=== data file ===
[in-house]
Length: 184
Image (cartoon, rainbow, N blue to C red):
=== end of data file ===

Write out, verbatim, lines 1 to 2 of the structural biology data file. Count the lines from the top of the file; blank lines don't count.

[in-house]
Length: 184